Florida Gov DeSantis signs new anti-riot bill that cracks down on violent protests and stops police budgets from being cut on the same day as Derek Chauvin's closing arguments
* The bill that aims to crack down on violent protests comes into effect immediately in Florida
* Gov Ron DeSantis signed the bill, officially known as HB 1, on Monday as closing arguments in the Derek Chauvin trial
over George Floyd's death were held
* The bill increases the criminal penalties for those who commit crimes during a riot, including assault and defacing
monuments and public property
* The bill also allows local governments to be sued if they fail to prevent a riot breaking out and protests police budgets
from being cut
* It also gives civil immunity to people who drive into protesters who have forcibly blocked roads
Florida Governor Ron DeSantis has signed a new anti-riot bill into law on the same day as closing arguments in the Derek Chauvin trial over George Floyd's death.
The Republican-backed bill, which aims to crack down on violent protests, comes into effect immediately and is response to the riots that broke out in the wake of the police killing of Floyd in Minneapolis last summer.
DeSantis signed the bill, officially known as HB 1, on Monday at a press conference at the Polk County Sheriff's Office headquarters.
'I think it's really remarkable if you look at the breadth of this particular piece of legislation,' he said.
'It is the strongest anti-rioting, pro-law enforcement piece of legislation in the country. There's just nothing even close.'
It will increase the criminal penalties for those who commit crimes during a riot, including assault and defacing monuments and public property. It will be punishable by up to 10 years in prison.
'This bill protects all monuments in Florida. You have no right to go in and take down monuments, we're not going to let the mob win the day with that,' DeSantis said.
It also creates a new second-degree felony called aggravated riot that can see people charged when a riot has more than 25 participants and causes bodily harm, more $5,000 in property damage or blocks roadways by force.
The bill allows local governments to be sued if they fail to prevent a riot breaking out and adds language to state law that could force local governments to justify a reduction in law enforcement budgets.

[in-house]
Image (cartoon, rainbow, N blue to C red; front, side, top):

It gives civil immunity to people who drive into protesters who have blocked roads and also prevents those who have been charged in relation to a riot from being released on bail until after their first court appearance.
'Just think about it, you're driving home from work, and all of a sudden, you have people out there shutting down a highway, and we worked hard to make sure that didn't happen in Florida,' DeSantis said.
'They start to do that, there needs to be swift penalties.'
The bill builds on several measures DeSantis introduced last summer as a response to the violent protests following George Floyd's death at the hands of police.
Republicans say the bill is designed to protect people and property. They have hit back at suggestions that the bill will impact freedom of speech.
'Rights have limits, and violence is where the line is drawn,' said Republican Sen. Danny Burgess, who carried the bill in the Senate. 'This bill is about preventing violence.'
Those who oppose the bill, however, say it aims to stop protests altogether and violate the First Amendment Rights of people involved in groups like Black Lives Matter.
The American Civil Liberties Union previously said the new law would give police broad discretion over what constitutes a demonstration and a riot.
'The bill was purposely designed to embolden the disparate police treatment we have seen over and over again directed towards black and brown people who are exercising their constitutional right to protest,' said Micah Kubic, the executive director of ACLU of Florida.
It was first filed in the Florida House of Representatives in January before being passed by the Senate, 23-17, last Thursday.
The bill was sent to Florida's Republican governor as new protests erupted last week in a Minneapolis suburb after another fatal police shooting of black man Daunte Wright and as closing arguments started in Derek Chauvin's trial.
In Minneapolis, where the trial is taking place, the city is already taking precautions in case of unrest.
More than 3,000 members of the National Guard have been drafted into the city, in addition to 1,100 officers from public safety agencies across the state as part of what has been termed Operation Safety Net.
Businesses have already been boarded up and the area around Hennepin County Government Center, where Chauvin's trial is being held, has already been fortified with concrete barricades and multiple layers of high-security fencing topped by barbed wire. https://www.dailymail.co.uk/news/article-9487795/Florida-Gov-DeSantis-signs-new-anti-riot-bill.html